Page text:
A free press is a crucial curb on the potentially corrupting effects of political power. Journalists' investigation of business, religious, and social leaders has also been a necessary constraint on the power that they wield.
Power has neurological effects on the brain which can include a distortion of thinking, a degrading of morals and a blunting of empathy. Democracy and its artifacts were invented to counteract this neurological condition and a free press is one of the great inventions of democracy. These act as antidotes to power's effects on the brain, helping prevent the full blooming of the mental malfunctions which unconstrained power induces in all dictators.
This gives journalists great power - which, of course, makes some susceptible to a version of the disease that can affect politicians. But they do not just have power over politicians, they hold the ability to strike fear in people in all walks of life with the terror of exposure to public ridicule or hate. That is in many ways a power as potent as that held by most politicians.
Sally Dickerson of the University of California at Irvine found that the thing that stresses people the most is not health, work, money, fear of death, worries about our children or time pressure - it is the negative evaluation of other people. At the heart of this feeling of shame is a belief that others will judge who you are - your self - as inferior or inadequate. Shame is an ancient evolved emotion that Charles Darwin himself described as relating almost exclusively to the judgment of others.
Journalists, then, hold the power to inflict the greatest stress known to human beings in the maximum possible doses - immediate, global exposure to obloquy. This is a power greater than any judge in the developed world holds, apart from in the United States, where execution is still practised.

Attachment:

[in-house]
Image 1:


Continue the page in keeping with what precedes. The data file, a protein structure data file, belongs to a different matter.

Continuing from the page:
And, as today's Leveson inquiry report documents, some journalists have been corrupted lavishly by this awesome power, which is why Lord Justice Leveson has recommended statutory regulation of the British press.
Of course there are risks. Without the Guardian's excellent investigative journalism we would never have had the Leveson inquiry in the first place and News Corporation's authoritarian empire of untempered and corrupting power would have flourished to further interfere with the democratic processes in the countries of the world in which it has operated so malignly.
We welcome the exposure of such wrong-doing by great journalism, but the problem is that so much of the British press has been driven not by the worthy aims of exposing the sins of the bad and the mighty, but rather of callous and casual infliction of the greatest stress known to humankind on individuals who have no right of appeal.
Yes, journalists have been corrupted by wielding this enormous power and there have been no constraints on it to temper them. That is why Lord Justice Leveson is right.